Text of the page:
He makes some good points. Home prices tracked inflation until the early 70’s. Interest rates have been in a downward trend since then and have bottomed. The downward trend in rates won’t continue. He argues that means RE won’t appreciate as much in the future as it has in the past.
I think there are some other variables his thesis is ignoring like supply and demand. We have population growth (some areas are growing faster than others) increasing demand. Some areas freely create supply while other areas go out of their way to hinder new supply. If he’s right, it only makes sense to buy RE where there’s population growth and supply is restricted. Fly over states will be a terrible investment for appreciation going forward.
Stocks aren’t safe in a rising interest rate environment. Kevin lived in Canada the 70s, doesn’t understand the BA. Real estate skyrocketed with rising rates.
If not stocks of RE, Where do you put your money? Gold or bitcoins … lol
There was massive inflation in the 70’s. That’s why they kept raising rates. They were trying to control the inflation. Inflation is good for housing, because replacement costs increase. Also, we can’t really get inflation without wage increases. Wage increases are good for housing too.
Well, let’s differentiate investment buying vs owning for personal consumption. When it comes to personal consumption there is a sense of pride and accomplishment that one can’t and shouldn’t really put a price tag on or can quantify it down to a pro/con chart. To literally own the roof over your head, so that no one can make you move as long as you pay the mortgage, is priceless.
Rising rate is not good or even bad for all the major asset classes except gold and Bitcoin.
When interest rate rises, bond will be bad, stocks won’t be good, RE also won’t be super good after deducting inflation. You can buy gold and even Bitcoin to preserve wealth, but your timing could be wrong and end up with worse results.
I think it’s best to own rentals with positive cash flow and a fixed rate mortgage. You can simply forget about the market. Your fixed rate mortgage is your weapon to attack the rising rate and potentially stagnating real price. Your nominal price can still go up with inflation.
2-4 unit building fits the bill…not too big and hard to manage personally and not too small where positive cash flow may not be achievable.
RE prices will go up in the BA due to supply restrictions. Interest rates be damned. Only a recession will kill the golden goose.
If the 10 year treasury has started a decade long rising rate, we’ll be in big trouble. We are used to the falling rate for the last 35 years. If we are going to have a 35 years of rising rate from 1.5% to 15%, we may get a lot of shocks along the way.
But I suppose that Fed and other central banks will try their best to control inflation. So we may have a peak 10 year rate of 4% and then it stabilizes.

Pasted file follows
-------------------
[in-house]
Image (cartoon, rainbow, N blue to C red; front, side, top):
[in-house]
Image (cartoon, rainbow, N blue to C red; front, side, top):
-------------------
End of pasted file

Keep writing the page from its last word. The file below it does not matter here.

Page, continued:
4% won’t hurt BA real estate. May have some effect on the Stock Market
Today wsj houses have a cap rate that’s equal to half of 10 year treasury yield. When 10 year yield rises to 4%, that wsj house may have a cap rate one third of 10 year.
Rent is too low from this point of view.
Maybe but only a few on this forum are investing for cash flow…
Just go hundred miles to Stockton or Sacramento for 5 caps and above
No need to do that; I achieved 5 cap or better with all my east bay investments. Even the Walnut Creek House i bought last year was 5 cap.
Do you include maintenance, management, reserve or vacancy ?
4% to 10yr Treasury leads to 5.75% or 6% fixed rate which is pre-2006/7 level. But core bay area home prices skyrocketed way beyond those peak 2007 level.
For example lowest appreciation, say 1.25M homes in 2007 hiked to 1.4M or 1.5M now. The homes I missed buying during 2007 was around 1.5M, but equal homes sells now at 2M or 2.1M level.
Unless buyers are having more cash down, it is hard to meet 35% DTI qualification.
When stock gets affected, it affects local RE buyers cash reserve as BA is mainly depended on stock cash. Competition gets reduced and prices will come down.
Rent is directly proportional to inflation.
Effect of inflation on price of house is more complicated.
- Higher replacement cost
- Higher mortgage rate
- Lower demand
Net net could be up or down
Reserves cover long term repairs like roofs…usually not included in cap calculations because they can be handled by appreciation. I figure management knocks off .5% if it is 5% a year
I thought the standard definition for,
Cap rate = Rent less expenses, excluding mortgage interest, property management and asset purchases/ enhancements (so exclude accrued roof replacement & remodeling)
(Accrued) Cash flow = Rent less all expenses including accrued expenses (vacancy is an accrued expenses)
Ok yes I think my overall cap rate should still be beyond 5% after those are taken into account. The only real big ticket item within the last 4 years was replacing a sewer lateral which cost me $15k (yes, someone ripped me off). Ok I’ll make a more precise calculation and report back.
I already have a spread sheet for computing cashflow… I think elt1 is not consistent with the definition of cap rates… if details, should be talking about accrued cashflow… Just replace the figures for your house… elt1 keeps talking about roof, remodeling of kitchen is more expensive unless he is using very cheap stuffs that must be replaced after 10 years…
Cashflows for 30 years